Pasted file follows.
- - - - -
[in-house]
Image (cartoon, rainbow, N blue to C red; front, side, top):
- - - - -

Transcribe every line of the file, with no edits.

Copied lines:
[in-house]
Image (cartoon, rainbow, N blue to C red; front, side, top):